Describes choices that are consistent and value-maximizing within specified constraints. Bounded rationality (Herbert Simon) Behavior that is rational within the parameters of a simplified model that captures the essential features of a problem. Satisfice Making a “good enough” decision: choosing the first-identified alternative that satisfactorily and sufficiently solves the problem. When confronted by a complex problem, most people will reduce the problem to its simplest level and satisfice by seeking solutions that are satisfactory and sufficient. Eschewing full rationality, they operate within bounded rationality and construct simplified models to extract the essential features of the problem and then behave rationally within the limits of the simple model. Here is how the bounded rationality typically operates: Once a problem is identified, the search for criteria and alternatives usually results in a limited list of choices that are easy to find or highly visible—familiar criteria and tried-and-true solutions. Once this limited set of alternatives is identified, the decision maker will begin reviewing them. The review will not be comprehensive—not all alternatives will be evaluated carefully. Instead, the decision maker will begin with alternatives that differ only to a small degree from the choice currently in effect. Following along familiar and well-worn paths, the decision maker will review alternatives only until one that is “good enough” (that meets acceptable levels of performance) can be found. The first alternative that meets the “good enough” criterion ends the search. So the final solution represents a satisficing choice rather than an optimizing one.

15 Common Decision-making Errors
Heuristics: Using judgmental shortcuts Availability heuristic The tendency to base judgments on information that is readily available. Representative heuristic The tendency to base judgments of probability on things (objects or events) that are familiar Escalation of commitment An increased commitment to a previous decision despite negative information about the decision’s present outcomes. To cope with information overload, we rely on two heuristics, or judgmental shortcuts, when we make decisions: availability and representativeness. Both types create biases in a decision maker’s judgment. Another bias is the tendency to escalate commitment to a failing course of action. Availability Heuristic. Using the availability heuristic, people tend to base their judgments on information that is readily available. Representative Heuristic. People often assess the likelihood of an occurrence by drawing analogies and seeing identical situations where they do not exist. Escalation of Commitment. In spite of negative feedback, some managers escalate commitment to a failing enterprise, “throw good money after bad,” if they believe that they are responsible for the failure. They do so to avoid admitting they made a poor decision and to appear behaviorally consistent. In contrast, effective managers differentiate between situations where persistence will or will not pay off.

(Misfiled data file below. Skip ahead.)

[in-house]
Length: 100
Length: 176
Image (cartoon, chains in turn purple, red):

16 How Do Problems Differ? Well-structured problems
Straightforward, familiar, easily defined problems Ill-structured problems New problems in which information is ambiguous or incomplete Programmed decision A repetitive decision that can be handled by a routine approach Nonprogrammed decisions Decisions that must be custom-made to solve unique and nonrecurring problems Well-structured problems are straightforward, familiar, and easily defined. In contrast, ill-structured (poorly structured) problems are so new that pertinent information is either ambiguous or incomplete. Repetitive, programmed decisions that can be handled routinely are the most efficient way to handle well-structured problems. Programmed decisions rely heavily on previous solutions. In many cases, such decisions are made according to some systematic procedure, rule, or policy. When problems are ill-structured, however, managers must develop unique solutions by using nonprogrammed decision making techniques. Such decisions are unique and nonrecurring. When a manager confronts an ill-structured problem, there is no cut-and-dried solution. A custom-made, nonprogrammed response is needed.

17 Programmed Decision-Making Aids
Policy A general guide that establishes parameters for making decisions about recurring problems. Procedure A series of interrelated sequential steps that can be used to respond to a well-structured problem (policy implementation). Rule An explicit statement that tells managers what they ought or ought not to do (limits on procedural actions). A guide for making programmed decisions is a policy. In contrast to rules and procedures, policies establish parameters for the decision maker rather than specifically stating how or what should or should not be done. A procedure is a series of interrelated sequential steps that a manager can use for responding to a well-structured problem. The only real challenge is to identify the problem. Once the problem is clear, so is the procedure. A rule is an explicit statement of limitations that tells a manager what he or she ought or ought not to do. Rules are simple to follow and promote consistency.

18 Types of Problems, Types of Decisions, and Level in the Organization
The four organizational levels are top, middle, and first-line managers and operative employees. At which of these levels should decisions be made? Recurring or routine decisions, programmed decisions, should be made by lower levels of management: middle-level managers make coordinating decisions with short-term implications and first-line managers make localized decisions about what needs to be done. Nonrecurring or unique decisions, nonprogrammed decisions, are made by top management. Operative employees make job-related decisions to determine how a job should be done. Decisions are seldom fully programmed or fully nonprogrammed. Few programmed decisions can eliminate individual judgment completely; unusual decision-making situations can be helped by considering programmed routines. If possible, management decisions should be programmed. At the top of the organization, the programmed approach is not realistic. Most problems that top management confront are nonrecurring. There are strong economic incentives for top management to create policies, standard operating procedures, and rules to cut costs by minimizing the need for managers to exercise discretion guide other managers, The more nonprogrammed the decision, the greater the judgment required to make it. Exhibit 4.8